Three months after the launch of the New York City's Subway Safety Plan, more than 1,300 people experiencing homelessness accepted help and shelter, Mayor Eric Adams announced Wednesday.
According to the Adams, 1,379 people accepted placement in safe haven, stabilization, and shelter beds as part of the Subway Safety Plan, a 17-page program to fight the massive spike in transit crime citywide.
The city's multi-pronged approach includes 30 "Joint Response Teams" with personnel from the Department of Health, the Department of Homeless Services, the NYPD and community groups.
Police will also have what the city called a "clear mandate" to enforce MTA rules, and will be trained on them. Among the prohibitions they will be expected to enforce: lying down on the seats, littering, drug use, or "using the subway system for any purpose other than transportation."
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Another key change in the city's plan is requiring, rather than requesting, that people get off the train and leave the station at the ends of subway lines.
“Three months into our work making subways safer and connecting New Yorkers in need with services, and it is evident that our efforts are working,” Mayor Adams said in a statement. “We have connected more than 1,300 New Yorkers with shelter and other vital services and our teams are making hundreds of engagements every day on the subways, a monumental milestone.”
The number of those who accepted assistance is a great increase from the only 22 individuals who accepted help during the program's first week, according to the city.
According to the city, the outreach teams engage around 744 individuals in need daily through the Subway Safety Plan and the end-of-line outreach efforts to connect them with long-term permanent housing, mental health care, and other services.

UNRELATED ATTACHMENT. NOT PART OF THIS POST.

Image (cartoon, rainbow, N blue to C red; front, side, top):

“Every New Yorker deserves a permanent home and today’s milestone is a first step toward that goal,” Deputy Mayor for Health and Human Services Anne Williams-Isom said in a statement.”
As part of the Subway Safety Plan, the city is providing outreach services at all 24 end-of-line stations every night and throughout the subway system every day. At some EOL stations, enhanced outreach is provided overnight through joint response efforts that include various city departments and community-based providers.
Though the city describes the number of individuals helped through the Subway Safety Plan as a "milestone," some of Adams' approaches to ending homelessness in the city have proven controversial -- particularly his efforts in removing encampments throughout the city.
The renewed push to engage with and offer services to homeless people camped out on city streets comes amid an already underway effort to help them out of its sprawling subway system, which has been plagued by crime and aggressive behavior over the last few months. That's not just limited to the homeless, though.
That said, Adams argues the current situation involving street homelessness is untenable and that as a society we have grown accustomed to seeing these encampments and accepted it as a way of life -- something he called "unacceptable" and "dysfunctional."
"We are going to have a city that is far better than the dysfunctional city that we've had for far too long," he previously said in March when unveiling more information regarding the encampments throughout the city.
Adams previously said people living in these encampments are offered services, including information on "safe haven sites" with dozens of beds.